Rust and Bone
Jacques Audiard’s latest is a melodramatic, angst-ridden triumph, writes DONLAD CLARKE
There’s a great deal of conflict in the peculiar new film from French maestro Jacques Audiard. People are constantly getting punched, suffering awful catastrophes and falling out of love with each other. But the most intriguing battle is, perhaps, that between the two lead actors and the wild, undisciplined bouquet of plots. On balance – though it’s a close-run thing – Matthias Schoenaerts and Marion Cotillard just about fight their way free from the narrative jungle. They are not, of course, asked to struggle alone. This is a beautifully acted and gorgeously shot film. The director of A Prophet and The Beat My Heart Skipped confirms his gift for finding poetry in moral squalor. Stephane Fontaine, Audiard’s regular cinematographer, surrounds the action with a soupy fuzz that echoes the film’s spiritual uncertainty. It’s just a shame the story remains so disordered.
The problems stem from Audiard’s decision to work from a series of short stories by Canadian author Craig Davidson. Many of the plots seem robust enough to serve as the basis for a movie. But they don’t always fit together snugly. We begin with Alain (Schoenaerts), apparently homeless, travelling to the south of France with his young son. Rust and Bone is produced by the Dardenne brothers’ production company and the opening sequence throbs with their anxious naturalism. Alain gathers food where he can. The father and son catch sleep in any unoccupied corner.
Eventually they end up staying with Alain’s harassed sister. He finds a few dead-end jobs: security guard, bouncer, a scam involving the installation of surveillance cameras.
The action properly kicks off when he rescues Stephanie (Cotillard), a distracted young woman, from a fight at a noisy club. It transpires that she is (of all things) a trainer of killer whales. Some short time later, following an accident that severs both her legs, the two embark on an eventful, turbulent romance.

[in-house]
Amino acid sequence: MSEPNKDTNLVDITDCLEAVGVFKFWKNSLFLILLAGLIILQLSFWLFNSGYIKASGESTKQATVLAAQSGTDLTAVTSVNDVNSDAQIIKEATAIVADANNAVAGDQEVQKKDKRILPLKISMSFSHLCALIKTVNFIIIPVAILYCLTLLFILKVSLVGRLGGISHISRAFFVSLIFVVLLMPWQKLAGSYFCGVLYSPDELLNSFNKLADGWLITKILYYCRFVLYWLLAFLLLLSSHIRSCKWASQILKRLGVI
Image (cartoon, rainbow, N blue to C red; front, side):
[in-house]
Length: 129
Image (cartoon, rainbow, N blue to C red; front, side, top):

The two lead performances are faultless. Schoenaerts manages to dredge up enough charisma to compensate for his character’s stubborn amorality and intellectual laziness. Cotillard has a sad intensity that calls out for such extravagantly damaged roles. Bashing sweatily against one another – literally and figuratively – the couple offer an effective study of incompatible particles forced together by inexplicable natural forces.
If the film concentrated its attention solely on that relationship then Audiard might have delivered a copper-bottomed classic. But Rust and Bone has other stories to tell. That subplot about the surveillance cameras wanders down a meandering side-road to nowhere very much. Suddenly, we find ourselves in the world of bare-knuckle boxing. In the final third – virtually from nowhere – an awful trauma arrives to nudge the action towards full-blooded, fan-your-armpits melodrama.
Throughout all this, the film wallows in the sort of fashionably butch angst that characterises the writing of such toy existentialists as Chuck Palahniuk and Michel Houellebecq. Nobody knows what a joke is. Everybody clutches a string attached to his or her own personal cloud. One can understand why a person might feel a tad gloomy after losing their legs in a marine park. The other characters wear their depression as a kind of trivial ornament.
For all that, Rust and Bone still emerges as a very impressive achievement from a director who – though possessed of a recognisable voice – seems intent on stretching himself with each new project. The film ends up looking like a triumphant response to a forbidding challenge. Is it possible to make a serious film from a collection of unlikely, melodramatic stories that refuse to bind themselves together into any kind of cohesive mass? It seems so. A leap of faith may, however, be necessary from the audience.